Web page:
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Home coming... Former Warriors forward Elijah Taylor has been a defensive workhorse for Penrith this year.

Sometimes it gets so cold at this part of the season that our brains freeze and we forget how much fun rugby league can be. So let's play a bit of word association. 

Think Warriors... Inconsistent.  

Think Warriors coach... Insane

Think Warriors and Warriors coach... Brain freeze

Since Matt Elliott fell on his own sword – or had handed it to him by higher powers – back in April, in true Warriors fashion, the game's great entertainers have hopped, skipped, and fumbled their way to a typical 5-4 record. This, of course, means only one thing: that they're still the best team at being the hottest and coldest at the same time. 

But one player who escaped the lunacy at Mt Smart reckons he's seen enough from his current vantage point near the top of the table to know that there's a steely quality in the Warriors' recent losses that makes them a formidable opponent. 

And it stems from the insane coach in charge of the most inconsistent team in the competition. 

"I know what it's like under [him]. He was our defensive coach last year," former Warriors forward Elijah Taylor told

"He's a good coach. He's straight to the point and he's straight up. The boys respect that. So yeah, he's a good, young coach.

"Last year we won seven or eight in a row at one point, but obviously they've been going really well lately. Defensively, they've been very good. They're turning up for each other and working hard. They've got a good leader there in Nathan Friend. It's going to be a tough battle."

Taylor, who spent his first three NRL seasons in Auckland after captaining the Junior Warriors to a premiership, spent his bye weekend with family at home in New Zealand. There, he caught up with long-time mate Jerome Ropati, who announced his immediate retirement late last month after a long battle with injuries. 

"I'm really close with him, and we talked about [retirement] a few times a while back. Everyone's been gutted for him for a long time," Taylor said. 

"He's had a rough time with injuries, he's just been really unlucky. Whenever you're injured, and it happens a lot of times, you always struggle. But he's good – he got a job at the club and the Warriors are looking after him."

To that end, Taylor does not see his first game against his old club as an emotional one. The 24-year-old has lived across the Tasman for over six months now, but the decision to make move was announced over a year ago.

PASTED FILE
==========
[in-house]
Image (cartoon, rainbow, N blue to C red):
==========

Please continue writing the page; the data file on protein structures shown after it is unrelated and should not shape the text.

So any sensitivities he had at returning to Mt Smart has been quelled with a trademark desire to do what he's been paid to do: his job. 

"I've been following them, but not as close as what people would think," he said. "My job's here for Penrith and I'm focused on how I can get better and how we can get better as a team. 

"I haven't had too many emotions, to be honest. When I get on the field, it'll be just another game. I'll have to do my job. If I'm thinking about emotions, well then I'm not doing my job."

The Warriors could be without one of their in-form players in Ngani Laumape, who has been charged with a grade three dangerous throw from last weekend's victory over Brisbane. The Panthers, meanwhile, could get high-profile recruit Jamal Idris back from his personal leave of absence. The hulking three-quarter made a solid return for Penrith's NSW Cup team last Sunday. 

"It's good to see big 'Jammer' back. He's great around the boys," Taylor said. "He's always laughing, always bringing that smile – it rubs off on the boys. 

"We always knew he was going to come back and he was going to be Jamal. We weren't expecting anything less. He's been training well. He played for reserve grade and from all accounts he went well. 

"He'll bring his presence. He's very hard to defend against – he's got those great feet and he's very strong. Take nothing away from Isaah Yeo. He's been playing really well as a second-rower in the centres. Defensively he's been good, but Jamal brings that experience."

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National Rugby League respects and honours the Traditional Custodians of the land and pay our respects to their Elders past, present and future. We acknowledge the stories, traditions and living cultures of Aboriginal and Torres Strait Islander peoples on the lands we meet, gather and play on.

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